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United States Department of Agriculture

Agricultural Research Service

Research Project: ECOLOGICALLY-BASED MANAGEMENT OF INSECT PESTS OF CORN, WITH EMPHASIS ON CORN BORERS, ROOTWORMS, AND CUTWORMS

Location: Corn Insects and Crop Genetics Research

Title: Understanding successful resistance management: The European corn borer and Bt corn in the United States

Authors
item Siegfried, Blair -
item Hellmich, Richard

Submitted to: GM Crops
Publication Type: Peer Reviewed Journal
Publication Acceptance Date: May 10, 2012
Publication Date: June 18, 2012
Citation: Siegfried, B.D., Hellmich II, R.L. 2012. Understanding successful resistance management: The European corn borer and Bt corn in the United States. GM Crops. 3(3):184-193.

Interpretive Summary: Nearly a hundred years after the European corn borer was accidently introduced into North America, effective management and area-wide suppression of pest populations has been made possible through the introduction of genetically-engineered Bacillus thuringiensis corn, called Bt corn. Prior to the introduction of this technology, corn borer was difficult to control because larvae often escaped insecticide applications by boring into cornstalks. Bt corn circumvents this behavior by expressing a high dose of Bt toxin throughout the plant. In this review, we describe what has been learned with regard to European corn borer resistance to Bt toxins either through laboratory selection experiments or isolation of resistance from field populations. We also describe the essential components of the high-dose/refuge (HDR) strategy as they relate to corn borer biology and ecology and that have apparently contributed to its success. Also considered is the recent use of pyramided corn that produces two or more Bt proteins with different modes of action targeted for the same insect. For European corn borer resistance management, pyramids open the door to smaller refuges and the possibility of in-field refuges through the use of seed mixtures. Growers will benefit from pyramids and seed mixtures because insect resistance management (IRM) compliance for refuge size and placement will be easier since refuge is literally in the bag. The fate of next generation transgenic products that include stacked and pyramided Bt events targeting multiple pest species may be determined by the weakest link in the hybrid; that is, the pest most likely to evolve resistance. In the Corn Belt this weak link is unlikely to be European corn borer because the assumptions of the HDR strategy appear to be satisfied. Bt corn for corn borer has established a high standard for growers, industry, and regulators because it has been both remarkably effective and durable. This information is helpful to scientists, regulators, and growers interested in prolonging the use of Bt corn by managing insect resistance to this corn.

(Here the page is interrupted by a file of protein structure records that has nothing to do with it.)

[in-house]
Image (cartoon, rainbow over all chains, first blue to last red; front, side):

Technical Abstract: European corn borer, Ostrinia nubilalis Hubner (Lepidoptera: Crambidae) has been a major pest of corn and other crops in North America since its accidental introduction nearly a hundred years ago. Wide adoption of transgenic corn that expresses toxins from Bacillus thuringiensis, referred to as Bt corn, has suppressed corn borer populations and reduced the pest status of this insect in parts of the Corn Belt. Continued suppression of this pest, however, will depend on managing potential resistance to Bt corn, currently through the high-dose refuge (HDR) strategy. In this review, we describe what has been learned with regard to O. nubilalis resistance to Bt toxins either through laboratory selection experiments or isolation of resistance from field populations. We also describe the essential components of the HDR strategy as they relate to O. nubilalis biology and ecology and that have apparently contributed to its success. Additionally, recent developments in insect resistance management (IRM) specific to O. nubilalis that may affect the continued sustainability of this technology are considered.

Last Modified: 4/19/2014
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